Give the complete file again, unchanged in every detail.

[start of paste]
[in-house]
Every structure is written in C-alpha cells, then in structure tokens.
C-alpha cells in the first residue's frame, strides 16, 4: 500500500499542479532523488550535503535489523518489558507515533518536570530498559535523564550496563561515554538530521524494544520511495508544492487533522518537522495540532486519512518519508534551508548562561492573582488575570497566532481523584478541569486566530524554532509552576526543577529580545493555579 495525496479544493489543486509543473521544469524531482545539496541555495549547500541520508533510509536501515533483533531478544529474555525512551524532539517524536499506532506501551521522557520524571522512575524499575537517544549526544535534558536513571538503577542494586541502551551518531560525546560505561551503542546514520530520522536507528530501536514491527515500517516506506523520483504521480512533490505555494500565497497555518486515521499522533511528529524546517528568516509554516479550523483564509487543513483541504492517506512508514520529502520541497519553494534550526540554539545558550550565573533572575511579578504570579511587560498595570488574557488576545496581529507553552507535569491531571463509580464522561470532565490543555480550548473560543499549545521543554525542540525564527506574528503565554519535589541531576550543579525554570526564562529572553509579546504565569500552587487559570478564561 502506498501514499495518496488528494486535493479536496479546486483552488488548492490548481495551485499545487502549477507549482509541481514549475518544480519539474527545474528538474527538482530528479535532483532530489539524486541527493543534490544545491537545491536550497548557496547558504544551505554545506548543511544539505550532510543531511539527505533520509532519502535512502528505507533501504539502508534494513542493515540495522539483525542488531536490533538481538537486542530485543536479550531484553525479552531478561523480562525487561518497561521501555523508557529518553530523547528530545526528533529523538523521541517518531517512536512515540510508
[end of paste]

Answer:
[in-house]
Every structure is written in C-alpha cells, then in structure tokens.
C-alpha cells in the first residue's frame, strides 16, 4: 500500500499542479532523488550535503535489523518489558507515533518536570530498559535523564550496563561515554538530521524494544520511495508544492487533522518537522495540532486519512518519508534551508548562561492573582488575570497566532481523584478541569486566530524554532509552576526543577529580545493555579 495525496479544493489543486509543473521544469524531482545539496541555495549547500541520508533510509536501515533483533531478544529474555525512551524532539517524536499506532506501551521522557520524571522512575524499575537517544549526544535534558536513571538503577542494586541502551551518531560525546560505561551503542546514520530520522536507528530501536514491527515500517516506506523520483504521480512533490505555494500565497497555518486515521499522533511528529524546517528568516509554516479550523483564509487543513483541504492517506512508514520529502520541497519553494534550526540554539545558550550565573533572575511579578504570579511587560498595570488574557488576545496581529507553552507535569491531571463509580464522561470532565490543555480550548473560543499549545521543554525542540525564527506574528503565554519535589541531576550543579525554570526564562529572553509579546504565569500552587487559570478564561 502506498501514499495518496488528494486535493479536496479546486483552488488548492490548481495551485499545487502549477507549482509541481514549475518544480519539474527545474528538474527538482530528479535532483532530489539524486541527493543534490544545491537545491536550497548557496547558504544551505554545506548543511544539505550532510543531511539527505533520509532519502535512502528505507533501504539502508534494513542493515540495522539483525542488531536490533538481538537486542530485543536479550531484553525479552531478561523480562525487561518497561521501555523508557529518553530523547528530545526528533529523538523521541517518531517512536512515540510508